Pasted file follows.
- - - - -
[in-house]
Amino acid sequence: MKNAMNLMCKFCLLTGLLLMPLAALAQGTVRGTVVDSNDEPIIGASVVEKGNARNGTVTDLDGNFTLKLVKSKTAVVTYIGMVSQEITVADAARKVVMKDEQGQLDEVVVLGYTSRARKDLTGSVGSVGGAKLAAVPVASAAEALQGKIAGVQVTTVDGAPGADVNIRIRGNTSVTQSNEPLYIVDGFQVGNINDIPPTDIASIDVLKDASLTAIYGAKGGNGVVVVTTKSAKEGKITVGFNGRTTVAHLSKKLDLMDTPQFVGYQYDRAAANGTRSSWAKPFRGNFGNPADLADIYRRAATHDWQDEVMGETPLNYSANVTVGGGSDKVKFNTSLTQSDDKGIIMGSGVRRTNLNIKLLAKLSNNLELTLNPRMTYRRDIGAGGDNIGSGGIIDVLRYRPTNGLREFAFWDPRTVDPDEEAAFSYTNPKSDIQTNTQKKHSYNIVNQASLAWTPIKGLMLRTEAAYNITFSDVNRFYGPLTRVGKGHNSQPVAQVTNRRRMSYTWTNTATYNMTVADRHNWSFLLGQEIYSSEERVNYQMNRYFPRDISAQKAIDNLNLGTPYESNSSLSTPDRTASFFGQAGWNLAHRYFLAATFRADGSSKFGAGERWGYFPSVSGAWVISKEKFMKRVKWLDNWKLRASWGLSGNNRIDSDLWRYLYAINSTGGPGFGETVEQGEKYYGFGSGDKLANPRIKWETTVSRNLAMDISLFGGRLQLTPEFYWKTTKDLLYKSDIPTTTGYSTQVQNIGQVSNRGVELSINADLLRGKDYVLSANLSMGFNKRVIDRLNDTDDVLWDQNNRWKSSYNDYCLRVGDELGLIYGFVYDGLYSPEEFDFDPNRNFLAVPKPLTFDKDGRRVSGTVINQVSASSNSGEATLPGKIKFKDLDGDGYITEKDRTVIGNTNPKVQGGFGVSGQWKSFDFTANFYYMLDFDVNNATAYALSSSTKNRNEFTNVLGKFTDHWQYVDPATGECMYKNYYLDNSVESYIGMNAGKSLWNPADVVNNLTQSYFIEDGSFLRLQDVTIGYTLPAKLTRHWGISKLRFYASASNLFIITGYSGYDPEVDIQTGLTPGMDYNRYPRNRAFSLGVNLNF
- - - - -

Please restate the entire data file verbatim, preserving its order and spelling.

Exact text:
[in-house]
Amino acid sequence: MKNAMNLMCKFCLLTGLLLMPLAALAQGTVRGTVVDSNDEPIIGASVVEKGNARNGTVTDLDGNFTLKLVKSKTAVVTYIGMVSQEITVADAARKVVMKDEQGQLDEVVVLGYTSRARKDLTGSVGSVGGAKLAAVPVASAAEALQGKIAGVQVTTVDGAPGADVNIRIRGNTSVTQSNEPLYIVDGFQVGNINDIPPTDIASIDVLKDASLTAIYGAKGGNGVVVVTTKSAKEGKITVGFNGRTTVAHLSKKLDLMDTPQFVGYQYDRAAANGTRSSWAKPFRGNFGNPADLADIYRRAATHDWQDEVMGETPLNYSANVTVGGGSDKVKFNTSLTQSDDKGIIMGSGVRRTNLNIKLLAKLSNNLELTLNPRMTYRRDIGAGGDNIGSGGIIDVLRYRPTNGLREFAFWDPRTVDPDEEAAFSYTNPKSDIQTNTQKKHSYNIVNQASLAWTPIKGLMLRTEAAYNITFSDVNRFYGPLTRVGKGHNSQPVAQVTNRRRMSYTWTNTATYNMTVADRHNWSFLLGQEIYSSEERVNYQMNRYFPRDISAQKAIDNLNLGTPYESNSSLSTPDRTASFFGQAGWNLAHRYFLAATFRADGSSKFGAGERWGYFPSVSGAWVISKEKFMKRVKWLDNWKLRASWGLSGNNRIDSDLWRYLYAINSTGGPGFGETVEQGEKYYGFGSGDKLANPRIKWETTVSRNLAMDISLFGGRLQLTPEFYWKTTKDLLYKSDIPTTTGYSTQVQNIGQVSNRGVELSINADLLRGKDYVLSANLSMGFNKRVIDRLNDTDDVLWDQNNRWKSSYNDYCLRVGDELGLIYGFVYDGLYSPEEFDFDPNRNFLAVPKPLTFDKDGRRVSGTVINQVSASSNSGEATLPGKIKFKDLDGDGYITEKDRTVIGNTNPKVQGGFGVSGQWKSFDFTANFYYMLDFDVNNATAYALSSSTKNRNEFTNVLGKFTDHWQYVDPATGECMYKNYYLDNSVESYIGMNAGKSLWNPADVVNNLTQSYFIEDGSFLRLQDVTIGYTLPAKLTRHWGISKLRFYASASNLFIITGYSGYDPEVDIQTGLTPGMDYNRYPRNRAFSLGVNLNF